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The digital media company known for its Rhapsody music service agreed to pay $350 million to acquire a South Korean provider of ringtones and other mobile services. This was followed on Wednesday by the launch of the RealArcade Web site, which offers ringtones and mobile video games.
September 13, 2006
3 Min Read
RealNetworks Inc. planted a stake in the mobile entertainment space this week with two strategic moves.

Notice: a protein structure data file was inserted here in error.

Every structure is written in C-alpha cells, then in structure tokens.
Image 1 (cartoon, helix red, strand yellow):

The digital media company known for its Rhapsody music service and RealArcade game service agreed to pay $350 million to acquire South Korea's WiderThan Co. Ltd., followed on Wednesday by the launch of the RealArcade mobile content Web site that offers ringtones and casual video games. The announcements made at the CTIA Wireless IT and Entertainment 2006 conference in Los Angeles. WiderThan, a spinoff from South Korea's SK Telecom, sells ringback tones callers hear while waiting for the recipient to answer their phone. It also offers service support, mobile music and other entertainment services. Customers include Cingular Wireless, SK Telecom, Verizon Wireless, and Vodafone. Jointly designed by SK Telecom and WiderThan, the ringback music platform consists of a player, software and server that sit in the carriers' network. The player inserts music, rather than the tone of a ring, as the call goes through. "We manage the complete system for the carriers," said Vern Poyner, president and CEO of WiderThan Americas, who will step in to run RealNetworks' application service provider business in the Americas. "There's also a Web site to change the ringback tones. For Verizon, we do this with a BREW application." WiderThan launched one of the world's first ringback tone services and now operates ringback tone services for 14 carriers; the combined subscriber base of approximately 191 million. Of these subscribers, approximately 16.9 million consumers use ringback tone services. The mobile entertainment market will grow from $15 billion in 2005 to $38 billion in 2009, at a compound annual growth rate (CAGR) around 25 percent, according to Juniper Research. As for gaming, about 13.5 million wireless subscribers downloaded a mobile game between April and June 2006, according to Telephia Research. Casual games like puzzles and card games don't require hours of play to understand how they work. The game industry views the casual game segment as a growing market. "RealNetworks is banking on the mobile space for key growth in music and games," said D.A. Davidson & Co. analyst Alan L. Davis. "The acquisition makes strategic sense. They appear to have a lot of excess cash from the Microsoft settlement." In July, RealNetworks posted record revenue of $89.4 million in the second quarter, ended June 30, helped in part by a 55 percent jump in casual game revenues, and a $57.9 million payment from Microsoft Corp. courtesy of a court settlement related to digital media player technology. RealNetworks' revenue could reach $369 million this year, and climb to $425 million in 2007, Davis estimates. WiderThan won't add to this year's earnings, but could account for another $150 million in 2007. Through the partnership, RealNetworks will launch the direct-to-consumer game venture with PlayPhone, which can provide customers access to a catalog of more than 150 games and thousands of ringtones and wallpaper graphics for mobile phones. The RealArcade mobile content portal supports more than 500 mobile phones on Cingular, AT&T Wireless, Sprint and T-Mobile wireless networks, and is accessible on the Internet from any connected PC or mobile phones. The new portal allows customers to quickly and easily load their phones with a variety of entertainment content. Mobile games like Luxor, Gorillaz and The Apprentice are available, as well as top ringtones such as Sean Paul's "We Be Burnin" and Madonna's "Hung Up." The $9.99 monthly fee is added to customers' mobile phone bill, and includes 14 download credits that roll over for up to 90 days if unused. But RealNetworks isn't alone in the mobile games market. Big Fish Games Inc. specializes in selling downloadable casual games. Microsoft and Yahoo! Inc. also offer casual games. Nokia expects to launch a service by June 2006, available through carriers. The cellular phone maker announced a deal on Tuesday that Electronic Arts (EA) Inc. would provide content.
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